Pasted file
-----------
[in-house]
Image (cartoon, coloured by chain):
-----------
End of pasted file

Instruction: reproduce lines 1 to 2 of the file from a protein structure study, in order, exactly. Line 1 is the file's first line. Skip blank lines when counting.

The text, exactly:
[in-house]
Image (cartoon, coloured by chain):